Please use this identifier to cite or link to this item:http://hdl.handle.net/20.500.12105/14113
Relationship between Prenatal or Postnatal Exposure to Pesticides and Obesity: A Systematic Review
Int J Environ Res Public Health. 2021;18(13):7170.
In recent years, the worldwide prevalence of overweight and obesity among adults and children has dramatically increased. The conventional model regarding the onset of obesity is based on an imbalance between energy intake and expenditure. However, other possible environmental factors involved, such as the exposure to chemicals like pesticides, cannot be discarded. These compounds could act as endocrine-disrupting chemicals (EDC) that may interfere with hormone activity related to several mechanisms involved in body weight control. The main objective of this study was to systematically review the data provided in the scientific literature for a possible association between prenatal and postnatal exposure to pesticides and obesity in offspring. A total of 25 human and 9 animal studies were analyzed. The prenatal, perinatal, and postnatal exposure to organophosphate, organochlorine, pyrethroid, neonicotinoid, and carbamate, as well as a combined pesticide exposure was reviewed. This systematic review reveals that the effects of pesticide exposure on body weight are mostly inconclusive, finding conflicting results in both humans and experimental animals. The outcomes reviewed are dependent on many factors, including dosage and route of administration, species, sex, and treatment duration. More research is needed to effectively evaluate the impact of the combined effects of different pesticides on human health.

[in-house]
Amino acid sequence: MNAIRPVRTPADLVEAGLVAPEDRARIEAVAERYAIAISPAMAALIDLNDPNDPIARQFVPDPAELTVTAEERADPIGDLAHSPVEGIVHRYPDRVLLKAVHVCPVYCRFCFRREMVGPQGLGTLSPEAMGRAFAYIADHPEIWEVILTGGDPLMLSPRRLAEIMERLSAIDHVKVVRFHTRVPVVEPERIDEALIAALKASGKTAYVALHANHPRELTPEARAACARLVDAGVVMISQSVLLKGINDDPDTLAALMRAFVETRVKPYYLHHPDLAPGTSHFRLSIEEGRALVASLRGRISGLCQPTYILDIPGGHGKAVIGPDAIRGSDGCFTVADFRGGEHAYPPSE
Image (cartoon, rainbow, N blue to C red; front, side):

Carbamates | Chlorpyrifos | Neonicotinoids | Obesity | Organochlorine | Organophosphate | Pesticides | Pyrethroids
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